Back in the day, the mixed tape was a ritual part of early courtship. You’d grab an audiocassette and, over days or weeks, make a compilation recording of favourite songs from the radio, vinyl LPs and other cassette tapes. Then you’d give it to that someone special and hope they’d like it; hope they’d like you.
It probably didn’t matter that such subtle declarations of amour were proffered in analog format, but as compact disc replaced vinyl as the de-facto standard for pre-recorded music in the 1980s, it followed that the world’s most successful consumer recording format would receive a digital makeover too.
DAT (Digital Audio Tape) debuted in 1987, with the running brief of replacing the ubiquitous analog audiocassette as the preferred format for home recording. Developed by Sony, it looked to have the goods too.
Similar in appearance to an 8mm video cassette used in camcorders at the time, a DAT cartridge was only 4mm and around 73 X 54 X 10.5 mm. Most DAT tapes would record 60 minutes of stereo, although this would vary depending on the quality level chosen for recording.
Most DAT recording decks, for example, made 16-bit 48kHz copies from original soundtracks, meaning sound quality was on par with CD. Better, in fact, as some recorders were able to create higher resolution 24bit/96KHz copies. (These machines, though, were generally used in semi-professional recording studios, with the copies playable only the machines that produced them.)
What’s more, unlike MiniDisc and CD-R recording formats, DAT did not use lossy compression. Sure, it employed compression in order to store all musical data it recorded, but it did not throw away parts of the audio signal it thought human ears couldn’t hear in the process. It recorded everything faithfully form the source and, in doing so, was capable of creating a clone of the original recording; an exact copy of the digital master.
This freaked out record companies in the US, who foresaw huge revenue losses as the pre-recorded music market was destroyed by cheap, easy-to-make, perfect digital copies of the very albums it was their raison d’être to sell. In 1992, the record industry was successful in pushing through a law that imposed taxes on the recorders and the blank media, making DAT more expensive for home recordists.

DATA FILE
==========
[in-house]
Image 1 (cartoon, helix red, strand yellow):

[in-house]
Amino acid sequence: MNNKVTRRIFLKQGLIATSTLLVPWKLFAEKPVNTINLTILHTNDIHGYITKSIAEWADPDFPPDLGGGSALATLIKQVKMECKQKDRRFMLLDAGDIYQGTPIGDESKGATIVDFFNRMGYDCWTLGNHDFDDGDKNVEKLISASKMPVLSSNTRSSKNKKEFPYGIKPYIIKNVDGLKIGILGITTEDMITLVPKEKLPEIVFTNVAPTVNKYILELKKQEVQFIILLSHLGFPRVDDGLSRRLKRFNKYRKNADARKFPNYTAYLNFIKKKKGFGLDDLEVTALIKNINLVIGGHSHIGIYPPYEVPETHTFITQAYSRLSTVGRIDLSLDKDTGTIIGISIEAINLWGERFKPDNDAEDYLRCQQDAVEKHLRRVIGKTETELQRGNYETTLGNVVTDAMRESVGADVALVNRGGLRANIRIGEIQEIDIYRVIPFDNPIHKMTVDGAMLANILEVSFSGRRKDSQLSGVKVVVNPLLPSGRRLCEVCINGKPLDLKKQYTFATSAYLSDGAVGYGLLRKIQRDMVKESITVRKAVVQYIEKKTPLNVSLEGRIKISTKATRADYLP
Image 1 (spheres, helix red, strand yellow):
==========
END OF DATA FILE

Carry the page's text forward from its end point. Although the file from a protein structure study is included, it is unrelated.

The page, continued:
In the same year, Philips – which had collaborated with Sony on the development of CD – joined with Panasonic to introduce a competing digital magnetic tape format, DCC (Digital Compact Cassette). Although the format used lossy compression, the machines were cheaper and backwards compatible with analog tapes, which DAT recorders weren’t. In response, Sony launched MiniDisc, and consumers now had four choices for home recording.
The fourth was the CD-R. While Sony and Philips squabbled over digital tape formats, the optical disc format they jointly developed with such success grew recording capabilities and took ownership of the home recording landscape.
People, it seemed, had ceased making mixed tapes, and now wooed each other with mixed discs.
Digital Compact Cassette ceased production in 1996, with Philips ceding that DAT had won. Sony quit DAT in 2005, and by that time the format had made a deep impression on the semi-pro market. Its recording credentials had made it a favourite for live taping sessions and backup recordings, and it’s only recently that hard drives have replaced DAT as the technology du jour for these applications.